Two months after scrapping a controversial university entrance exam question that asked if Japan did “more good than harm to China” in the first half of the last century, Hong Kong’s exam authority has explained how they intended to grade it.
Responding to pressure from pro-establishment politicians who argued the question misled students into downplaying Japan’s invasion of the country, the authority on Thursday revealed the question’s marking scheme, which demanded a “sound and balanced” answer.
Two versions of the marking scheme were released, including a draft and a revised version created after the firestorm erupted, with both requiring students to provide evidence of harm and good to receive high marks.
The compulsory question asked more than 5,200 candidates who sat the Diploma of Secondary Education (DSE) exam if they agreed Japan “did more good than harm” between 1900 and 1945, and were told to answer by referencing two excerpts of reading material and their own knowledge.
One of the reference materials was a 1905 article on Japan’s plans to receive Chinese students to study law and politics, while the other was a 1912 letter by revolutionary leader Huang Xing, who was seeking financial help from a Japanese politician.
Pro-establishment figures slammed the excerpts provided as “one-sided”, saying they only showed the good Japan did. Shortly after Beijing’s foreign affairs arm in the city issued its own statement blasting the question, the Education Bureau took the unprecedented step of asking the exam body to strike it out, saying there was “no room for discussion”.
Under the marking scheme revealed on Thursday, candidates could only score the full eight points by providing “a sound and balanced answer” that made the case for both sides while effectively using the two excerpts as well as their own knowledge.
Some examples of the “good” which Japan had done included providing “support to the Qing government in its reform efforts”, offering “financial support to the new Chinese regime in 1912”, and strengthening Chinese nationalism via their aggression.
Examples of Japan’s “harm” for China included the “high casualties” caused by the invasion and occupation of the 1930s and 1940s, and the fact that payments owed to Japan for its financial help to the new Chinese regime were “not negotiable and might lead to unfairness”.
The revised version of the marking scheme went further in that it required candidates to “display quality thinking and historical skills” rather than simply recalling the data. It also asked candidates to compare each point of evidence presented before reaching a conclusion, “regardless of what viewpoint” they took.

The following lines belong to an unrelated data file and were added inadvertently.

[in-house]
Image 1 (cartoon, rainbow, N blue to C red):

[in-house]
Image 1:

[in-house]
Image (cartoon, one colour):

In a reply to the Post, the exam authorities said the draft version was prepared before the exam took place, while the revised version was prepared afterwards for reference and deliberations by their governing council on whether to scrap the question.
Candidates providing an answer that lacked balance because they relied only on the reading materials or their own knowledge would score just four marks, while a vague answer that ineffectively used the available resources would score two marks or less.
Cheung Wong, a secondary school history teacher and an executive committee member of the pro-democracy Professional Teachers’ Union, said the marking scheme showed there was room for discussion in the question, adding he believed the examples raised for both sides of the question were “fair”.
“By listing out examples from both sides, usually it would suffice for the markers to understand the gist of the [answer],” he said.
But Wong Kam-leung, chairman of the pro-establishment Hong Kong Federation of Education Workers, one of the most vocal groups to call for the scrapping of the question, argued the marking scheme had raised “unreasonable” examples that could mislead candidates.
“By saying that ‘Japanese aggression strengthened Chinese nationalism’, it is preposterous and confuses the cause and effect of the incident. How can one say that something so harmful and wrong resulted in something which is good?” Wong asked.
Earlier this month, the High Court dismissed a judicial review application from one of the candidates who challenged the legal basis of the exam authorities’ decision to scrap the question, after finding there was no procedural irregularities or other unfairness in the decision-making process.
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